It is near Burgos, in the north of Spain that we found the trace of Prince Albert II of Monaco. The Monegasque sovereign does not cease traveling and made a visit on the sites of the prehistoric excavations of the sierra of Atapuerca this Tuesday, July 26. Prince Albert also admired the exceptional fossils exposed in the museum of these sites.
Prince Albert II fulfills his wish to visit the prehistoric excavations of Atapuerca
In addition to sharing the name and passion for oceanography of his grandfather Albert I, Prince Albert II has the same interest in archaeology. Albert I was one of the first patrons to finance research on the cave paintings in Cantabria. He visited them in 1904 and Prince Albert II also visited them in 2010.
In 2022, Prince Albert II fulfills another wish, that of visiting Burgos and the prehistoric site of the Sierra de Atapuerca. It is difficult to follow the Monegasque monarch, who a few hours before was in Oregon, and a few days before that in the Vatican with his wife. During this visit to Atapuerca on Tuesday, July 26, Prince Albert was accompanied by the Monegasque ambassador to Spain, Catherine Fautrier-Rousseau. Albert II appeared in an explorer’s outfit and wore a hard hat on the sites where excavations are carried out.
As Hola points out, Prince Albert’s visit coincided with one of the most remarkable discoveries in Atapuerca. A bone from the jaw of what could be the first European hominid, about one million four hundred thousand years old, was found during the excavations this summer. Prince Albert began his visit at the site of El Portalón de Cueva Mayor, then went to the site of Sima del Elefante and Cueva Fantasma, before joining the Museum of Human Evolution (MEH) and the National Center for Research on Human Evolution (CENIEH).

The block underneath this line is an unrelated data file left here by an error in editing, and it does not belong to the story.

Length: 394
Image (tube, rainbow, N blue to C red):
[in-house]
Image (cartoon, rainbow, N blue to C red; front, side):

Prince Albert II visits the incredible prehistoric museum of Burgos
The prince began his visit in the museum of the site, in the first room dedicated to the species Homo antecessor. The skeleton of this man was reconstructed using bones that are nearly a million years old and were found at the site of Gran Dolina in Atapuerca. The museum explains that Prince Albert then visited the space where the Skull No. 5 and the Pelvis Elvis are displayed. These two star fossils interested the prince. Albert also stopped in front of the Excalibur biface. This biface is one of the objects carved in stone that has not yet revealed all its mysteries. Finally, the visit ended with a passage in the temporary exhibition that traces the evolution of human posture.
“On his departure, Prince Albert II of Monaco emphasized the majesty of the building that houses the Museum, the work of architect Juan Navarro Baldeweg, and its privileged position as a viewpoint over the historic part of the city of Burgos and its cathedral,” emphasizes the museum, proud of this visit, especially since the prince had a real desire to finally be able to carry out this visit. “For years, the Monegasque sovereign had a special interest in making a scientific and cultural visit to the sites of Atapuerca, the Museum of Human Evolution and the National Center for Research on Human Evolution (Cenieh).
The Atapuerca mountain range has been excavated for more than forty years, with great discoveries, including new hominid species. In turn, the Museum of Human Evolution is one of the few museums in the world in this field and presents an exceptional collection of original fossils in its permanent exhibition.
The Principality of Monaco’s relationship with Atapuerca is linked to Henry de Lumley, current president of the Institut de Paléontologie humaine de Paris, an institute dependent on the Principality. Lumley has been the promoter of many prehistoric museums in Europe and has close relations with the Principality and with Atapuerca. The Prince Albert II Foundation has been present in Spain since 2016.
Photos credits: Bestimage